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Subject: Re:Mac's P&M Shenanigans-- 6/4: New LoER progress - medical station interior
Thanks, zahnib! You'll have to wait a bit for more paint because the monthly painting contest is about to leapfrog the medical suite, but I couldn't resist doing a little paint last night. I got all the components based during a break in the hot, windy weather and I had to sling a little paint just to see if my schemes were going to work out.
First I built the light fixtures to hold the last of my leftover LEDs from the "Double Entendre" round. I actually have plenty of lights and wiring, but this is it for the coin cell housings and switches. There's a single one with an amber LED for over the shrine to the God-Emperor:
The other one is bigger and will go over the main operating table. This one holds two white LEDs, will have frosted panels set into the girders, and will also hold the suspended medical servitor... when I build one.
Then I had enough built to basecoat everything. Here's walls, doors, fixtures, floor features, and furniture, plus the LED rigs... I'll leave the wiring exposed for extra visual interest, but it needed a coat of paint first. Overseeing it all is Eugin Welt, Subordinate Chirurgeon Third-Rate of the Officio Medicae. He got painted last month for the Drunken Master challenge and has become a part of the project to the point that he's developing a name and character.
Dryfitting the painted components.
Once I got done cleaning up the bench from all the building, I made time for a little paint. The monitors were the big mystery, and I think they will work out well with a few more coats. I was more confident with the shrine, but I think it's going to deliver... I might do some waterslides on the banner. In general I think everything will paint up nicely.
I'm going to mostly shift over to these badass ladies for a few weeks: a pair of Imagifiers / Simulacra Imperialis for the monthly painting compettiton. I'll do one in each of my main paint schemes: white robes over green armor, and green robes over white armor, both with gold trim. I was going to modify the little casket in the cage to be a book, as I'll probably mostly run one with the Book of St. Lucius (or a bunch of books... the Little Free Library of St. Lucius?)... but now that I've seen the model I'm going with the casket. There could be anything in there!
A minor progress update... I've gotten to the brush three nights running now, and all I have to show for it is most of the color blocking on two models. These Sisters are so detailed, they take forever, but they're really fun to paint. I especially enjoyed the skull-filled reliquary... that much iron-banded wood just looks neat. By this weekend, I think I'll be ready for washes, and I think they're really going to spring to life at that point... pretty excited to see how they work out.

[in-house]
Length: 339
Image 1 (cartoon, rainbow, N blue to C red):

I haven't had as many nights painting as I'd like, but I made it to and through (mostly) the wash stage, allowing me to fully assemble one Simulacrum Imperialis bearer (in the background here) and partially assemble the other. There's still quite a bit of detail work to do, the attendant cherub, the hair, and some edge highlighting and cleanup, but they're really coming together. I accidentally snapped one of them off her painting base, so she got mounted on her permanent base early. As I learned with the Penitent Engine, painting pre-assembly allows some ease in the painting, but requires extra trimming and cleaning to get a good fit... that's just how precise these modern multipart kits are. I'll need to work on assembling the cage and do some gap filling before essentially repainting the outside of it, but I think I'm happy enough with how the little casket came out that it was worth it. I do wish I'd done either the cage or the casket in silver so it wasn't gold-on-gold.
Hopefully finishing both this weekend with room to spare on the contest, then back to the medical facility.
This message was edited 1 time. Last update was at 2020/06/24 12:08:58
I love how washes turn the model from “meh, it’s got colors blocked in” to “Wow, that looks great” in one simple step. But as it’s one of the last steps, there is a lot of steady plodding needed to get to that point.
I agree on the tons on fiddly detail. Lots of little passes needed to make sure you got everything. Nice sculpts though.
I've been taking a page from your playbook, Nevelon... painting small numbers in quick passes with multiple layers of basic color, or at least that's what I feel like your method is. This pair has two coats of thinned Warpstone Glow over a white base, plus a Biel-Tan wash, and it almost but doesn't quite look rich enough. The detail and lowlighting is there, but somehow I had a stronger green on the Zephyrim. It's tedious, even working 2-5 models at a time. Armor, robes, guns, and iconograpy are each 2 passes with paint plus a wash, and then there's lenses, belts and pouches, and purity seals. At least the Simulacra details are some of the most fun I've had painting recently... It will have taken me a month to paint these two models.